"Some people do believe an asteroid is coming. Some people are worried about solar flares, the economy collapsing, and some people, it's an earthquake or a tornado," Parsons said describing the wide range of people featured on the show.
After two seasons, “Doomsday Preppers” is one of National Geographic television's highest rated shows. More episodes are set to air this summer.
Once considered on the fringe, preppers are now going mainstream. It's estimated there are three million preppers in the U.S.
Dr. Carl Lejuez, a psychologist and Director of Clinical Training at the University of Maryland, believes much of it is triggered by fear.
"As the world becomes more dangerous and things feel more difficult to control, it becomes for many people a way to have a little bit of control over something in their lives," said Lejuez.
It's a fine line between prepping and paranoia when every minute of every day is thinking about impending doom. In a 24/7 news cycle, Lejuez says the barrage of disasters can also feed anxieties.
"As you start doing this, it can become an obsession in its own right and you start to think you need to do more. You can always be safer," he said.
If people start to isolate themselves from friends and family, avoid going places and spend all their time and energy prepping, that's when he says it crosses the line.
At first, Holly Blevins didn't share her husband's passion. But she is proud to call herself a prepper now. In one episode, as they run a drill, the mother of three declares, "My only thought is to make sure none of these men get past me to my kids."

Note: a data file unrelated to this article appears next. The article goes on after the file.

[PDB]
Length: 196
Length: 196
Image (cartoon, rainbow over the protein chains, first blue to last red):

Becoming a mom is what now motivates her. She calls it her “momma bear instinct.” She can survive with much less, but knows her children need her to protect them.
"They know mommy and daddy are preppers," she said.
The Blevins teach their kids survival skills in everyday activities such as camping. They learn how to fish, make a fire and how to use an emergency blanket if needed. In many ways, they are very much a normal family.
On this night, they sat around the table sharing cookies and milk before bedtime. They talked about school, sports and their day.
"They go on with their lives,” Holly said. “They play with their friends, go to their soccer games. They don't put too much stock into it.”
They have a large garden in the back, which provides fruits and vegetables for canning. All of the trees and shrubs are edible, producing fruits and berries. They have rain barrels which collect fresh water.
Prepping is just a way of life, but it can also be a large financial investment. The Blevins estimate they've spent $15,000 to $20,000 amassing all the supplies they need to be prepared. They've acquired it gradually over time, and now cycle through their food as it expires and restock.
Jay Blevins has now written a book about it, titled “Survival and Emergency Preparedness Skills.”
"We're living in a time where there are a lot of uncertainties,” he said. “There's uncertainty in the economy. There's uncertainty in politics, there's uncertainty in natural disasters.”
One of the main things he says people can do is keep a "get home bag" in their car or at their desk should something happen and they need food or supplies to get home.
Consider what happened on 9/11 when people got stuck trying to escape the city. Blevins has got home bags for everyone stocked in the car. It's come in handy on occasion, when the kids are stuck in traffic and need something to eat and drink.
If something more serious really does happen, preppers know they'll also have what it takes to survive.
WTTG FOX 5 & myfoxdc